The marketing is also deceptive. 6200 Turbo cache sounds like it would be faster than the 6200.

    In addition, this so call innovative use of system memory sounds like nothing more than integrated video. OK, it's faster, but aren't you increasing cpu load.

    The review also use an Athlon 64 4000+, I am doubtful that users who buy an A64 4000+ is going to skip on the video card.

  • guarana - Thursday, January 27, 2005 - link

    I was forced to go for a 6200TC 64MB (up to 256Mb) solution about a week ago. Had to upgrade my MoBo to a PCI-X version and had to get the cheapest card that i could find in the PCI-X flavour.

    I must say its a lot better than the FX5200 card i used to have ... I am running it with only 256Mb of system RAM so its not running at optimal performance , but i can run UT2003 with everything set to HIGH and in a 1280x1024 rez :)
    A few stutters when the game actually starts , but after about 10seconds , the game runs smooth and without any issues ... dont know the exact FPS though :)

    I score about 12000 points on 3dMark2001 with stock clocks (yeah 3DM2001 old, but its all i could download over-night)

    Will let you know what happens when i finally get another 256Mb in the damn thing.
  • Jeff7181 - Wednesday, December 22, 2004 - link

    I don't like this... why would I want the one that costs over $100 when I can get the 6200 for $110-210 that has it's own dedicated memory and performs better. It's stupid to replace the current 6200 with this pile. It would be fine as a $50-75 card, or for use in a laptop, or a HTPC... but don't replace the current 6200 with this. Reply
  • icarus4586 - Friday, December 17, 2004 - link

    I have a laptop with a 64MB Mobility Radeon 9600 (350MHz GPU, 466MHz DDR MHz 128bit RAM), and I can run Far Cry at 1280x800, high settings, Doom 3 1024x768 high settings, Halo 1024x768 high settings, Half-Life 2 1280x800 high settings, all at around 30fps.
    This is, obviously, an AGP solution. I don't really know how it does it. I was very surprised at what it could pull off, especially the high resolutions, with only 64MB onboard.
    What's going on?
  • Rand - Friday, December 17, 2004 - link

    Have you heard whether the limited PCI-E X16 bandwidth of the I915 is true for the I925/825XE chipsets also?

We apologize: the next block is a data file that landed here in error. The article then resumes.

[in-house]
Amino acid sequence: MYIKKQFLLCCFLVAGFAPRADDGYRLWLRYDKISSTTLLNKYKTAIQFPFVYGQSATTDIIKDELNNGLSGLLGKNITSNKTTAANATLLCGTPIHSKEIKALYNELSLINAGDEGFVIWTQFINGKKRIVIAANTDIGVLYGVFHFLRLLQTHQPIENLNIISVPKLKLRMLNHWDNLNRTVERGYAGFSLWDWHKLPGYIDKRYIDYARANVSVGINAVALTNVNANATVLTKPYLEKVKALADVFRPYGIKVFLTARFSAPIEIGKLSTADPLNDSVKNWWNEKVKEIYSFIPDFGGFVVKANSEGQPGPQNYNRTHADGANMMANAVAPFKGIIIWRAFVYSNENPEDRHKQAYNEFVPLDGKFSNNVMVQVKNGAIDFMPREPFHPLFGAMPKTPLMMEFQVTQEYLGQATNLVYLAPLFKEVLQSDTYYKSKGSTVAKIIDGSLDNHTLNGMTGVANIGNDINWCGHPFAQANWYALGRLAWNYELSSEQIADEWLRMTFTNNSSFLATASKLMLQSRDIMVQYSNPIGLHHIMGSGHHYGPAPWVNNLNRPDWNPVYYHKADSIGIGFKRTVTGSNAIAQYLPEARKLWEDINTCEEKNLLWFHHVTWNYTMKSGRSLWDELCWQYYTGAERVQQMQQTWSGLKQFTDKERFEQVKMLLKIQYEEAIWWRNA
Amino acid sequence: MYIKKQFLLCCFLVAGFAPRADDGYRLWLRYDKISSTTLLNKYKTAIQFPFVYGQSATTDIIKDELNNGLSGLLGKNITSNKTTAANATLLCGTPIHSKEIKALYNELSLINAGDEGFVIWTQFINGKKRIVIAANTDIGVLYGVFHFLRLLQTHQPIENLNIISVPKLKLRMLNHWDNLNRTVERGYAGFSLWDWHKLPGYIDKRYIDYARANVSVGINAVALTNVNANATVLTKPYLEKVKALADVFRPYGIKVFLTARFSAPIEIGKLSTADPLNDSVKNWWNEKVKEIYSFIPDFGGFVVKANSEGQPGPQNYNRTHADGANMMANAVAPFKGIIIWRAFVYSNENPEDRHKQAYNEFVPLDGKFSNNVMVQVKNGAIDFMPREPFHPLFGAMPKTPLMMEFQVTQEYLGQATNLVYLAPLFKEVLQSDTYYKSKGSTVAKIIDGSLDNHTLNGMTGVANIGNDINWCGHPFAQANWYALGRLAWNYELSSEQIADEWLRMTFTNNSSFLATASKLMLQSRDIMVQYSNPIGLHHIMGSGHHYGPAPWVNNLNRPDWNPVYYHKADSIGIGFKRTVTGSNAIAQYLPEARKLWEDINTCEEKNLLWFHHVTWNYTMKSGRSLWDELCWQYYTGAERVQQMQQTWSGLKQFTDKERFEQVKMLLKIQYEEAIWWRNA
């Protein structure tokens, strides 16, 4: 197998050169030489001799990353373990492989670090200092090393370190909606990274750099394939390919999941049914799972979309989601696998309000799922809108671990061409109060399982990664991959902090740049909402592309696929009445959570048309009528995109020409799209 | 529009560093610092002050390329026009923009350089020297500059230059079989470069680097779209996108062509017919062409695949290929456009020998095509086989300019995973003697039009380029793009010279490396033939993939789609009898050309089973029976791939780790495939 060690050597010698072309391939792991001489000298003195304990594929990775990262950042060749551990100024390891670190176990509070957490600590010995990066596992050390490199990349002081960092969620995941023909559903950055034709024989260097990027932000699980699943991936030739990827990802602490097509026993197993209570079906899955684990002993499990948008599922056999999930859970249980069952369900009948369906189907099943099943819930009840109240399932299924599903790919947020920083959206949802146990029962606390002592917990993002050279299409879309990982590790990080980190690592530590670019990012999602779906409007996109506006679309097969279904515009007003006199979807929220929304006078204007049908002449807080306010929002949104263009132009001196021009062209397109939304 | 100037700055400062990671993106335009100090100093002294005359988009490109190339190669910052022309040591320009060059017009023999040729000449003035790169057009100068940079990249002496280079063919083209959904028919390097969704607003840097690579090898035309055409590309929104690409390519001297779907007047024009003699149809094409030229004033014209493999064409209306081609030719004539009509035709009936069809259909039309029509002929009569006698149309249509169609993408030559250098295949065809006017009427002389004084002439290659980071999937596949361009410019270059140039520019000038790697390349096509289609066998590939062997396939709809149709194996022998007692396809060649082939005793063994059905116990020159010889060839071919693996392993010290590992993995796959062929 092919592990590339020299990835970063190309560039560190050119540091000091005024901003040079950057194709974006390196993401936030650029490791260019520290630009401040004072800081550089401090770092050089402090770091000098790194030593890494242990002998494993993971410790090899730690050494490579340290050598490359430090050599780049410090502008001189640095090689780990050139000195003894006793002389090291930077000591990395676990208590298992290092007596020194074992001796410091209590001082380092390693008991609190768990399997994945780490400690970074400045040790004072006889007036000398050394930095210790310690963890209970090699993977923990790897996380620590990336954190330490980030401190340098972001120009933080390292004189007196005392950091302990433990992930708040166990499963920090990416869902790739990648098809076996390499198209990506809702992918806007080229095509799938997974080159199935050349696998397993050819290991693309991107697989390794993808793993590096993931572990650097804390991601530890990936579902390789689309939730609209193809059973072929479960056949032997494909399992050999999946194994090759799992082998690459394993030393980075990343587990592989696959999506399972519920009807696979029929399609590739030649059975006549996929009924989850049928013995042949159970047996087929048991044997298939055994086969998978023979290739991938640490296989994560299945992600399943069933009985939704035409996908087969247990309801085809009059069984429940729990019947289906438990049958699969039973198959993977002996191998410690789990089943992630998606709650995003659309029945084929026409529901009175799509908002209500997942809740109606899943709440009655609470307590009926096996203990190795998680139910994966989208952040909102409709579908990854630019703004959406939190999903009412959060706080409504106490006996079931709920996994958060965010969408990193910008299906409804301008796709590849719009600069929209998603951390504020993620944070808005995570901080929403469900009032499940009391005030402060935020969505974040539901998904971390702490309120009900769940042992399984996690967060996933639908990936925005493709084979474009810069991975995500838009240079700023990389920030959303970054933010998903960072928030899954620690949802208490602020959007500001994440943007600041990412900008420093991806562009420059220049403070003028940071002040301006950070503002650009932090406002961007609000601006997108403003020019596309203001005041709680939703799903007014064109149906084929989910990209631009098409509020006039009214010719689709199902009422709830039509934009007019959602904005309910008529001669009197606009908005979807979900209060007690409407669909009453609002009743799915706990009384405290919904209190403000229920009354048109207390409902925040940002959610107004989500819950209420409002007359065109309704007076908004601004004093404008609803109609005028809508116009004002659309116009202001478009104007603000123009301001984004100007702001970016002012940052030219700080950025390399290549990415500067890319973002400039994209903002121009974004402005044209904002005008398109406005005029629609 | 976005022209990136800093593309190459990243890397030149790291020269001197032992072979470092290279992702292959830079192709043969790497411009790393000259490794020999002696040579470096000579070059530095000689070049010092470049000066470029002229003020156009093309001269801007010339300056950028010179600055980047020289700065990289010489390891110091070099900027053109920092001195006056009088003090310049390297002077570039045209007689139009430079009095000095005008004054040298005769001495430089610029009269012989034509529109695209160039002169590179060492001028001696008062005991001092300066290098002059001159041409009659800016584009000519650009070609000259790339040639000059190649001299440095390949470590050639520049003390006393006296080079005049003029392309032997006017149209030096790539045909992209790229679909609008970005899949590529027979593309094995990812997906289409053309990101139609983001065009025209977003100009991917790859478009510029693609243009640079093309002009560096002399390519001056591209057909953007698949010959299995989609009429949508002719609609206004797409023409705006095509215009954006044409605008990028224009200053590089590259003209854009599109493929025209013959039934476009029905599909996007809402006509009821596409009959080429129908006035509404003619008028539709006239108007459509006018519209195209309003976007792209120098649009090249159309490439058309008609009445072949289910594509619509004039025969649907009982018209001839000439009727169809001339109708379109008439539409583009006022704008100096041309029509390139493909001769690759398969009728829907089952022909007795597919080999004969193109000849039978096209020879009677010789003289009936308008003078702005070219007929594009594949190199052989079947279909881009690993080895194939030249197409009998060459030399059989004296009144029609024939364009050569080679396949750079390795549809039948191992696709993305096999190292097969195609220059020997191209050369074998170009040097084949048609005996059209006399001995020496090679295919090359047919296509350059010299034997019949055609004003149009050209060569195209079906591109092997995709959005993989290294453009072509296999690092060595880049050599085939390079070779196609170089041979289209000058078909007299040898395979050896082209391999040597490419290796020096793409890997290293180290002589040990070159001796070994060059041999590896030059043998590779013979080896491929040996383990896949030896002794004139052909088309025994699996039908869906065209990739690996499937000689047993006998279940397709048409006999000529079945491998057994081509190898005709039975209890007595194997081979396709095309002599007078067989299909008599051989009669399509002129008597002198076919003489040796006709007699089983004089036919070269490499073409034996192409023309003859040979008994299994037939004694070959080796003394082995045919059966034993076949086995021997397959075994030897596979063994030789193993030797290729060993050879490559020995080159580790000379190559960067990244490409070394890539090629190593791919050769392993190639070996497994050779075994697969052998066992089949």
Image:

Also, I'm curious whether you've done any testing on the nForce 4 with only one DIMM so as to limit the system bandwidth and get some indication of how the GeForce6200TC scales in performance with greater/lesser system memory bandwidth available?
  • Rand - Friday, December 17, 2004 - link


    "As far as I understand Hypermemory, it is not capable of rendering directly to system memory."

    In the past ATI has indicated all of the R300 derived cores are capable of writing directly to a texture in system memory.
    At the very least HyperMemory implementation on the Radeon Express 200G chipset must be able to do so, as ATI supports implementations without any local RAM they have to be capable of rendering to system memory to operate.

    The only difference I've noticed in the respective implementations thus far is that nVidia's Turbocache lowest local bus size if 32-bit, whereas ATI's implementation only supports as low as 64bit so the smallest local RAM they can use is 32MB. (Well, they can use no local RAM also, though that would obviously be considerably slower)
  • Rand - Friday, December 17, 2004 - link

  • DerekWilson - Thursday, December 16, 2004 - link

    And you can bet that NVIDIA's Intel chipset will have a nice, speedy, optimized for SLI and TurboCache PCIe implimentation as well. Reply
  • PrinceGaz - Thursday, December 16, 2004 - link

    Yeah, this does all seem to make some sort of sense now. But not much sense as I can't see why Intel would delibrately limit the bandwidth of the PCIe bus they were pushing so heavily. Unless the 925 chipset has a full bi-directional 4GB/s, and the 3 down/1 up is something they decided to impose on the cheaper 915 to differentiate it from the high-end 925.

    I guess it's safe to assume nVidia implemented bi-directional 4GB/s in the nForce4, given that they were also working on graphics cards that would be dependent on PCIe bandwidth. And unless there was a good reason for VIA, ATI, and SiS not to do so; I would imagine the K8T890, RX480/RS480, and SiS756 will also be full 4GB/s both ways.
  • DerekWilson - Thursday, December 16, 2004 - link

    NVIDIA tells us its a limitation of 915. Looking back, they also heavily indicated that "some key chipsets" would support the same bandwidth as NVIDIA's own bridge solution at the 6 series launch. If you remember, their solution was really a 4GB total bandwidth solution (overclocked AGP 8x to "16x" giving half the PCIe bandwidth) ... Their diagrams all showed a 3 down 1 up memory flow. But they didn't explicitly name 915 at the time. Reply